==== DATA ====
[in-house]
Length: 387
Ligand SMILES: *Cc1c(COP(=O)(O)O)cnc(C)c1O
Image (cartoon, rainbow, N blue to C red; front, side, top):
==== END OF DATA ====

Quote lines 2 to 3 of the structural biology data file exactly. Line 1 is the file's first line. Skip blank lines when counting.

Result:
Length: 387
Ligand SMILES: *Cc1c(COP(=O)(O)O)cnc(C)c1O